The Cell Wall - using variously modified cell membranes o...

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The Cell Wall Not all living things have cell walls , most notably animals and many of the more animal-like protistans. Bacteria have cell walls containing the chemical peptidoglycan. Plant cells, shown in Figures 3 and 4, have a variety of chemicals incorporated in their cell walls. Cellulose , a nondigestible (to humans anyway) polysaccharide is the most common chemical in the plant primary cell wall. Some plant cells also have lignin and other chemicals embedded in their secondary walls. The cell wall is located outside the plasma membrane. Plasmodesmata are connections through which cells communicate chemically with each other through their thick walls. Fungi and many protists have cell walls although they do not contain cellulose, rather a variety of chemicals ( chitin for fungi). Animal cells, shown in Figure 5, lack a cell wall, and must instead rely on their cell membrane to maintain the integrity of the cell. Many protistans also lack cell walls,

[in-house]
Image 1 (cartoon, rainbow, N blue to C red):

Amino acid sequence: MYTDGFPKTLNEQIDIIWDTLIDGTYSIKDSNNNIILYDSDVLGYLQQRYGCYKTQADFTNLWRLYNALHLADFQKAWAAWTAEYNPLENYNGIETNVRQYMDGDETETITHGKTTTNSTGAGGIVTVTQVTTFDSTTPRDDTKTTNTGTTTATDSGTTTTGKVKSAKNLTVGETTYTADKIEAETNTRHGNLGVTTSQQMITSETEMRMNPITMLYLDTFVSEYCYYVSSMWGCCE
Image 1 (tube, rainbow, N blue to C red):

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Unformatted text preview: using variously modified cell membranes o act as a boundary to the inside of the cell. The nucleus The nucleus, shown in Figures 6 and 7, occurs only in eukaryotic cells. It is the location for most of the nucleic acids a cell makes, such as DNA and RNA. Danish biologist Joachim Hammerling carried out an important experiment in 1943. His work (click here for a diagram) showed the role of the nucleus in controlling the shape and features of the cell. Deoxyribonucleic acid, DNA, is the physical carrier of inheritance and with the exception of plastid DNA (cpDNA and mDNA, found in the chloroplast and mitochondrion respectively) all DNA is restricted to the nucleus. Ribonucleic acid, RNA, is formed in the nucleus using the DNA base sequence as a template. RNA moves out into the cytoplasm where it functions in the assembly of proteins. The nucleolus is an area of the nucleus (usually two nucleoli per nucleus) where ribosomes are constructed....
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